How to cope with milk price volatility is a question which is being increasingly asked by dairy farmers according to Teagasc’s latest advisory update.

Teagasc says the first thing to remember is that price volatility will not affect all dairy farmers in the same way. It says the impact will vary depending on the competitive position of each dairy farmer – or in other words the relationship between milk price and production costs of the farm.

Figures 1-3 from Teagasc shows three different competitiveness positions with differing profit (green) and loss (red) levels.

Teagasc says the high cost producer (Figure 1) will really struggle with volatility and will struggle to operate profitably except in high milk price years. It says unless this farmer improves competitiveness, he or she will be forced to exit milk production. The main objective for this farmer is to reduce costs and/or increase output.

dvolitility 1

The medium-cost producer (Figure 2) will also struggle with periods of low milk price but, not to the same extent as the high-cost producer according to Teagasc

It says he or she will benefit from risk management on milk price but any such strategy needs to incorporate management of input costs also.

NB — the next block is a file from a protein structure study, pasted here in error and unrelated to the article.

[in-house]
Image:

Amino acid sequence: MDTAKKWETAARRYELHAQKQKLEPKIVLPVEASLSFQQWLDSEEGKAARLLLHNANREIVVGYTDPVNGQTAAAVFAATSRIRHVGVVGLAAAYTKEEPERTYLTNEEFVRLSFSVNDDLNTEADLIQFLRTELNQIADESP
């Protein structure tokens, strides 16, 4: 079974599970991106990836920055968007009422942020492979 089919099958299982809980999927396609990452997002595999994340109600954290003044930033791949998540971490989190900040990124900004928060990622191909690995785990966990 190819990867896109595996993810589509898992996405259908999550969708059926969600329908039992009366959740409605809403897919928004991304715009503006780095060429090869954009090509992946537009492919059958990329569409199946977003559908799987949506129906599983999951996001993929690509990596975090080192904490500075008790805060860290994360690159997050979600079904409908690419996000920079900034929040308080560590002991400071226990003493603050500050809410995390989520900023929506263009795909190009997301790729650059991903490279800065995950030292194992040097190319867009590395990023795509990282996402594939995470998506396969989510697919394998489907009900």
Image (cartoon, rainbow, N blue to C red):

dvolitility 2

Teagasc says the low cost producer (Figure 3) can cope with periods of low milk price relatively comfortably and it is questionable if he or she will benefit to the same extent as the medium cost producer from hedging milk price (as this will tend to slightly reduce average milk price).

dvolitility 3

According to Teagasc, the key messages are the requirement for dairy farmers to focus on improving competitiveness on their farm through increasing average milk price received and through reducing costs of production.

It says a useful starting point is to identify which category of milk producer you fall into – high, medium or low cost – as this will help you to decide on the most appropriate strategy for you to adopt to cope with price volatility.